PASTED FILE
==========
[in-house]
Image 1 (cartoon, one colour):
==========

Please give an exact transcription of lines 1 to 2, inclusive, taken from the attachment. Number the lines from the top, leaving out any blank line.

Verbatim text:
[in-house]
Image 1 (cartoon, one colour):